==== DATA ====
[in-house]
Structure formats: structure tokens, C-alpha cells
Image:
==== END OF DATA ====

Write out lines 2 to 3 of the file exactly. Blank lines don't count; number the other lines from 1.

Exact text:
Structure formats: structure tokens, C-alpha cells
Image: